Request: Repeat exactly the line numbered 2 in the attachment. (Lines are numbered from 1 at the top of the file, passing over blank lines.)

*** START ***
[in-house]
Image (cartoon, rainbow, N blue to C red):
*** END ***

Image (cartoon, rainbow, N blue to C red):